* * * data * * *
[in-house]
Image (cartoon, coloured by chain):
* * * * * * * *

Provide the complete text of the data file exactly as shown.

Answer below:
[in-house]
Image (cartoon, coloured by chain):